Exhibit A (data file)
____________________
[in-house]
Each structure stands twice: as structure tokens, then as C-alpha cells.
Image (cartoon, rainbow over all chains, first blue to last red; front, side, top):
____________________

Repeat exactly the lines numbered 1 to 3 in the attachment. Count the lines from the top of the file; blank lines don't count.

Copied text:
[in-house]
Each structure stands twice: as structure tokens, then as C-alpha cells.
Image (cartoon, rainbow over all chains, first blue to last red; front, side, top):